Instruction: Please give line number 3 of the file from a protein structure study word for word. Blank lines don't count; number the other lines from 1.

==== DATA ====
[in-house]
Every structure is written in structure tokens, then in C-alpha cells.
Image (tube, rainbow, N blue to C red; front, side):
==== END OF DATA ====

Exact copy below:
Image (tube, rainbow, N blue to C red; front, side):